In fact, one of Showalter's biggest pet peeves is dwelling on one moment in a baseball game that is filled with various wrinkles and nuances.
The play, the Tuesday-morning, water-cooler discussion will center on a Nick Markakis' base-running blunder in the eighth with the Orioles trailing by a run. Markakis, whose one-out single had chased a masterful Justin Masterson from the game, took off from first when Endy Chavez laced a double into the left-field corner against Indians reliever Vinnie Pestano.
Markakis was thinking about scoring the whole time, and he didn't see third base coach DeMarlo Hale's right hand raised as a stop sign, which, to be fair, came a tad later than usual from the reliable Hale.
“I should have been picking up my third base coach, and by the time I saw him, I didn't see him do anything, I was kind of using my own judgment. I thought I was going to get there,” Markakis said. “I heard him as I was going past the bag and I just stopped. I froze. I should have kept going.
“Regardless, I should have made them make two good throws to get me out. But I froze and it didn't end up good. Bad base running on my part.”
Markakis halted about 20 feet down the third base line. He was stuck; eventually tagged out in a rundown. Instead of having runners on second and third and one out with the heart of the order coming up, they had a man on third with two outs.
Pestano then struck out Jim Thome, the Indians added an insurance run in the bottom of the eighth and Chris Perez pitched a perfect ninth for his 27th save.
Just like that, a tremendous start by Tommy Hunter (4-5) was wasted and the potential for the longest winning streak of the season evaporated for the Orioles (51-45).
But don't tell Showalter that this one is on Markakis and Hale and one bad decision in an otherwise fairly crisp game that lasted just two hours and 26 minutes.
“There's about 20 things there to make stuff like that not matter. I know how people dwell on things like that. Nicky plays hard, DeMarlo is one of the best third-base coaches around and it's one of those things I am not going to sit there and throw anybody under the bus,” Showalter said. “We made a lot of really good decisions over there and that had nothing to do with winning or losing the baseball game. We could do 20 things to make that not matter.”
Two happened in the bottom of the third. With one out, Hunter got Casey Kotchman to hit a one-hopper to the right side. But first baseman Chris Davis couldn't glove the ball on a play that should be made. It was ruled a hit.
Hunter induced a fly out — which should have been an inning-ender — before serving up a 384-foot homer to Shin-Soo Choo. Those were the only two runs Hunter would allow until the eighth, when he gave up two hits, including a come-backer he couldn't handle, and was taken from the game. One of the inherited runners scored on a seeing-eye single to the left side by Michael Brantley against Troy Patton.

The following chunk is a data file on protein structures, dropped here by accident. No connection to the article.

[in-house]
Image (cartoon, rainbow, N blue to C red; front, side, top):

“I left the ball over the plate that led to two runs and then the ball up the middle (in the eighth) that I wish I would have fielded. But it is what it is,” said Hunter, who allowed three runs on eight hits and no walks in seven-plus innings. “It's just frustrating being on the losing end and still trying to say that you played hard, that you played well.”
Hunter has now turned in two impressive starts since returning from Triple-A on July 18, allowing just four runs in 14 1/3 innings (2.51 ERA) to lower his season ERA to 5.57.
“Tommy was really good, He deserved a better fate,” Showalter said. “We did some things good in this series, but we had a shot. But the few opportunities we had we didn't take advantage of. Masterson was pretty good.”
Masterson (7-8) used excellent command and movement to limit the Orioles to seven hits and one walk while fanning six in 7 1/3 innings. The lone run he allowed came in the fifth on a RBI double by shortstop Omar Quintanilla, who was making his first start as an Oriole after being acquired from the New York Mets for cash on Friday.
Masterson was cruising in the eighth with just 92 pitches when Indians manager Manny Acta decided to go to Pestano, who owns a 1.54 ERA in 43 outings this year.
“I was a little surprised (Masterson was removed) with as well as he was throwing the ball, especially with the stuff he has and the groundballs he is capable of getting,” Markakis said. “But that was their decision and we got in the situation we wanted to and things didn't work out.”
Incredibly, it was the 49th time in 96 tries that the Orioles have been involved in a game decided by one or two runs. They dropped to 34-15 in those, and 15-9 in two-run contests.
Still, they had a chance to pull off a four-game sweep of the Indians in Cleveland for the first time since September 1971. In that series, Mike Cuellar, Pat Dobson and Jim Palmer each picked up his 20th victory to join teammate Dave McNally as 20-game winners — something that hasn't happened since.
The Orioles did manage a noteworthy accomplishment on Monday, however. It was the club's sixth straight quality start, the first time the rotation has done that since May 10-15, 2011. And, after losing the first two games of this road trip in Minnesota, the Orioles finished with a flourish, ending the trek 5-3 as they head back to Baltimore still in second place in the AL East and still in the middle of the Wild Card hunt.
Although the lasting memory of this one — to the chagrin of Showalter — will be Markakis frozen on the third base line. So close to tying the game.
“It's 99.9 percent my fault. It happens. You're not perfect. Nobody's perfect. Mistakes happen and it just happened to be in a big part of the game,” Markakis said. “I'll put it past me. We had a good road trip. We take three here and we split in Minnesota, so you can't be too disappointed.”